Saturday, June 26, 2010

Make a List and Check it Twice

In the last few days I have sent out three manuscripts to three editors. I've sent manuscripts out probably twenty-five or thirty times since I became serious about writing for children. Why is it so scary? You would think it would be the fear that one of those editors might not like what I've written. Nope, that's not the part that makes my stomach hurt. At this point I know everyone isn't going to like my story. I just want one to like it. What worries me are the little details that are big no-no's in submitting your work.

1. Don't misspell the editor's name. I've done that. Last summer, while on pain medication after major surgery, I completely changed the editor's first name. How embarrassing. The frustrating part is I discovered the mistake about 5 minutes AFTER I pressed send on the electronic submission.
2. Don't forget the SASE. I've done that too.
3. Don't put one editor's name on the cover letter with the wrong publishing company name and address. I have not done this but it has almost happened.

There are so many more goofs that make me nervous just before dropping my hard work in the mail chute or hitting the send button. Anne Shirley from Anne of Green Gables says, "I promise I’ll never do it again. That’s the one good thing about me. I never do the same wrong thing twice." I've learned to make a list of things to check and I read my cover letters out loud to my husband.

When it comes right down to it, if an editor wants to publish my work, maybe they will overlook my little goof-ups and my nerves are not going to keep me from submitting.


  1. I have another one. Don't re-read it, just to make sure, make one more change and then send it without waiting a day or two and reading it again. I did that with my conference submission this year. After I sent it, I read it again and realized that I'd left something in that now made no sense because I'd taken something else out. Sure enough, when I had my face to face meeting, the editor said, "I didn't quite understand this part." Well, duh. No reason he should. I was under a deadline so I had to send it when I did, but I would have been better off budgeting my time to allow a couple of days after the edit to let it rest and read it again.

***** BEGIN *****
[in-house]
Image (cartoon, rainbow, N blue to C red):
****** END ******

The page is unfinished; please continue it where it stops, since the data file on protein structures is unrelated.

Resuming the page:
Good luck on your submissions!

  2. Thank you for your comments. How did you get your followers? I have email a few people and let my Face Book friends know. I think some of them are reading but didn't go through the joining process.

  3. I posted on Verlakay's website, and I have offered critiques. I think the critique contests have done the most good for getting followers. I'm up to 37 followers which isn't huge, but I only started in February, so I think it's really good. I also posted on the listserve for OK SCBWI and I picked up some followers there. And I try to comment on other's blogs, too. Reciprocity seems to help.